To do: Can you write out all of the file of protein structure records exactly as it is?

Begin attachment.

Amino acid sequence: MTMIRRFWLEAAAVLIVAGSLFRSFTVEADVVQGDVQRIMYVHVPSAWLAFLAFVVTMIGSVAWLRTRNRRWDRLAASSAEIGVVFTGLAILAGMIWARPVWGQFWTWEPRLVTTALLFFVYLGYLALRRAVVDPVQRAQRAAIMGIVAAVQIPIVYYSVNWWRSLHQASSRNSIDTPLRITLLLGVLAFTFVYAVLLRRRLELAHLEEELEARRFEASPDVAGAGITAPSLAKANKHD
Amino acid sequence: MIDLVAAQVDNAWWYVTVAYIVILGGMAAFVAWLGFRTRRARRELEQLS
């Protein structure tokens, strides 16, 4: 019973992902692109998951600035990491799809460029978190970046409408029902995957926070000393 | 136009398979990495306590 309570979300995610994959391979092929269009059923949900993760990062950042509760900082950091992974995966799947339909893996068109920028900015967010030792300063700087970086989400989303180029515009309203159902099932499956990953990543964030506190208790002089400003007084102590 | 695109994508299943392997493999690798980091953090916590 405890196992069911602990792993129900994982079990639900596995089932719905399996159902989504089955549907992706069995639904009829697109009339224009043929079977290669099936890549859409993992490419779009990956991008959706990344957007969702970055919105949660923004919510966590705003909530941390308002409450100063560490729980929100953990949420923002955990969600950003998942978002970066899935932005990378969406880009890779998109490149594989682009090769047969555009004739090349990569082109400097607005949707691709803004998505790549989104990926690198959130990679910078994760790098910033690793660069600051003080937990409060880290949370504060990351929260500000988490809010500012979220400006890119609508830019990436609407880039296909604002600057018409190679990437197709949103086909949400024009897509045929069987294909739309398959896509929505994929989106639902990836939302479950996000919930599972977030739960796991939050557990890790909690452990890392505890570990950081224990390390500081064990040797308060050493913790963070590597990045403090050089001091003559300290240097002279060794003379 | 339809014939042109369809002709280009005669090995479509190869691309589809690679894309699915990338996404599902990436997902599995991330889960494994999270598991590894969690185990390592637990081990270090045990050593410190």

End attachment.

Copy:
Amino acid sequence: MTMIRRFWLEAAAVLIVAGSLFRSFTVEADVVQGDVQRIMYVHVPSAWLAFLAFVVTMIGSVAWLRTRNRRWDRLAASSAEIGVVFTGLAILAGMIWARPVWGQFWTWEPRLVTTALLFFVYLGYLALRRAVVDPVQRAQRAAIMGIVAAVQIPIVYYSVNWWRSLHQASSRNSIDTPLRITLLLGVLAFTFVYAVLLRRRLELAHLEEELEARRFEASPDVAGAGITAPSLAKANKHD
Amino acid sequence: MIDLVAAQVDNAWWYVTVAYIVILGGMAAFVAWLGFRTRRARRELEQLS
């Protein structure tokens, strides 16, 4: 019973992902692109998951600035990491799809460029978190970046409408029902995957926070000393 | 136009398979990495306590 309570979300995610994959391979092929269009059923949900993760990062950042509760900082950091992974995966799947339909893996068109920028900015967010030792300063700087970086989400989303180029515009309203159902099932499956990953990543964030506190208790002089400003007084102590 | 695109994508299943392997493999690798980091953090916590 405890196992069911602990792993129900994982079990639900596995089932719905399996159902989504089955549907992706069995639904009829697109009339224009043929079977290669099936890549859409993992490419779009990956991008959706990344957007969702970055919105949660923004919510966590705003909530941390308002409450100063560490729980929100953990949420923002955990969600950003998942978002970066899935932005990378969406880009890779998109490149594989682009090769047969555009004739090349990569082109400097607005949707691709803004998505790549989104990926690198959130990679910078994760790098910033690793660069600051003080937990409060880290949370504060990351929260500000988490809010500012979220400006890119609508830019990436609407880039296909604002600057018409190679990437197709949103086909949400024009897509045929069987294909739309398959896509929505994929989106639902990836939302479950996000919930599972977030739960796991939050557990890790909690452990890392505890570990950081224990390390500081064990040797308060050493913790963070590597990045403090050089001091003559300290240097002279060794003379 | 339809014939042109369809002709280009005669090995479509190869691309589809690679894309699915990338996404599902990436997902599995991330889960494994999270598991590894969690185990390592637990081990270090045990050593410190």